"Others supported their families in Pakistan or Jordan, sending money for school fees, home repairs or life-saving medicines. Many had been here for years, others for only a few months."
But, says the ACLU, "the stories of these men are similar in important ways. All came to the United States seeking a better life for themselves and their families. All were Muslim, from South Asia or the Middle East."
Many, adds the report, "have been deported to countries where they haven’t lived in years, and where unemployment rates are high and salaries are low. Many have been harassed because of their connections to the U.S. or taunted for being deported."
For example, "Sadek Awaed’s friends in Jersey City, New Jersey, stopped speaking to him after the FBI questioned him and suggested that he was involved with terrorists. Asylum-seeker Benamar Benatta, who is still behind bars in New York, worries that the charges will haunt him if he ends up being returned to Algeria."
"Haneen is the 14-year-old U.S.-born daughter of Khaled Abu-Shabayek," continues the report. "Her family moved to Jordan in 2002 after her father was detained and deported. ‘I can’t take it anymore, and I’m very angry’, the girl said. ‘Everyone [in my family], they’re always angry, they’re not happy.’"
"Anza is the 9-year-old daughter of Khurram Altaf. For the first time this year, she will not be able to attend the special school that accommodates her hearing disability such schools don’t exist in Pakistan, where she moved after her father was deported."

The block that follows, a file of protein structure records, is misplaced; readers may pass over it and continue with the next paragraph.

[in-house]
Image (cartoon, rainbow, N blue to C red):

Deportees’ communities in the United States were damaged, too, the report says. "Neighborhoods that were vibrant and full are suddenly half-empty and quiet. Merchants are struggling; many have been forced out of business. And people are scared that they could be the next to be awakened in the middle of the night by immigration officials."
Dalia Hashad, an ACLU lawyer based in Washington, told IPS she believes the U.S. government’s treatment of Arabs and Muslims "is likely to get worse, not better."
"Now that the Bush administration is not facing reelection, we can expect increased harassment of Arabs and Muslims, citizens and non-citizens alike. Under the new attorney general, it is likely there will be more deportations and more ‘terror-related’ criminal prosecutions."
"The Justice Department and the DHS immigration authorities claim they are ‘reaching out’ to these communities, and trying to hire them as FBI agents, but at the same time [they are] arresting its members," added Hashad.
The ACLU reports that in January 2004 lawyers filed a petition with the United Nations Working Group on Arbitrary Detention on behalf of the 13 men who had been detained in the United States, and whose stories are told in the new report. All but one of the petitioners has now been deported. The UN’s response to the petition is pending.
The ACLU report concludes: "In the weeks and months after Sept. 11, the people whose stories are told in this report did not count. The United States government arrested them without suspicion, imprisoned them without charge, and abused them without consequence. All of this took place in secret. To this day, the government still refuses to release the names of the people who were imprisoned."
In a democratic society, it adds, "the government should not be permitted to sweep human beings under the rug, to pretend that they don’t count. The government should not be permitted to make people disappear."